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(2002) (Kevin Costner, Kathy Bates) (PG-13)

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Suspense/Thriller: After experiencing various seemingly supernatural encounters, a doctor begins to believe that his dead wife is trying to contact him from beyond the grave.
Joe Darrow (KEVIN COSTNER) is a doctor who's in charge of emergency room operations at Chicago Memorial hospital. When his wife and fellow doctor, Emily (SUSANNA THOMPSON), is accidentally killed while doing volunteer work for the Red Cross in Venezuela, Joe deals with that by throwing himself into his work.

The hospital administrator, Hugh Campbell (JOE MORTON), doesn't think that's a good idea, a sentiment shared by Joe's lawyer neighbor, Miriam Belmont (KATHY BATES), who knows what it's like to lose a loved one.

Nevertheless, Joe puts in long hours, during one of which he has a strange encounter with an unconscious boy, Jeffrey Reardon (ROBERT BAILEY, JR.), who he swears was calling out his name while being wheeled into the ER. Despite having been declared dead, Jeffrey later recounts seeing Joe in the room with him, as well as that of Emily who apparently had a message for Joe. Jeffrey can't recall what it is, but the odd symbols he keeps drawing - something of a squiggly cross - seem to have some connection to all of that.

As Joe tries to figure out what that means, he begins experiencing what appear to be supernatural events in his home, while another child patient, Ben (JACOB SMITH), has also drawn those same symbols and similarly claims to have seen Emily who told him to tell Joe to meet her at the "rainbow."

With everyone believing Joe to be simply experiencing denial or perhaps going crazy, he can't shake the feeling that Emily is trying to contact him from "the other side," a point reaffirmed by Sister Madeline (LINDA HUNT), a nun who previously investigated near death experiences.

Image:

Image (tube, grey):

From that point on, and as the supernatural events keep occurring, Joe tries to figure out whether he's losing his mind or truly is receiving signals from beyond the grave.

OUR TAKE: 4 out of 10
Ever since we first figured out we were mortal, humans have wondered what happens to our soul or conscious being -- or whatever you want to call what makes us who were are -- when we die. Religion, of course, plays a large part in such matters, but I doubt there's ever been a person who didn't question, at one time or another, what really was going to happen upon their death.

Movies have long been fascinated with that subject that's been fodder for some great and not so great films. Some explore the actual question of what happens after one dies - in comical form such as in "Heaven Can Wait" or a more serious look as occurred in "What Dreams May Come" - while others use the dearly departed in ghost form in countless haunted house flicks or in above average films such as "Ghost," "The Sixth Sense" or "Stir of Echoes."

Like some of those latter pictures, the latest such film, "Dragonfly," tries to settle for something of a happy medium between the two, although it skimps on showing much of the other side and is ultimately undermined by various mishandled and/or unconvincing elements and moments.

The premise -- of a skeptical man progressively believing that his recently deceased wife is trying to contact him from "the other side" - is decent, if not particularly original. It certainly provides for some occasional, spine-tingling moments even if they and the various "jump scenes" are telegraphed a bit too much to be as effective or "fun" as they should have been.

For instance, when a character in a supernatural-based film states that his wife taught their parrot to announce her arrival back when she was alive and still coming home, what do you think the odds are that we'll hear that bird squawking about her entrance sometime later in the story, after she's dead? At night. And in the dark.